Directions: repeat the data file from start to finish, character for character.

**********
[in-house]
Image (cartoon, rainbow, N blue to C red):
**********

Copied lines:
[in-house]
Image (cartoon, rainbow, N blue to C red):